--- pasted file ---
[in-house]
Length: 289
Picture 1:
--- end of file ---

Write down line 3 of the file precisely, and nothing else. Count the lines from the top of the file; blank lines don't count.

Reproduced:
Picture 1: